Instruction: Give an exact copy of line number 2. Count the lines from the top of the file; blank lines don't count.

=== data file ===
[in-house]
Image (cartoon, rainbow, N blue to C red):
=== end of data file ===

Image (cartoon, rainbow, N blue to C red):